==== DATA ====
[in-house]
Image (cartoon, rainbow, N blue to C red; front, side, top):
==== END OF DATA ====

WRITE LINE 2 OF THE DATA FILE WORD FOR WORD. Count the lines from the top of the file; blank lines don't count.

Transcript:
Image (cartoon, rainbow, N blue to C red; front, side, top):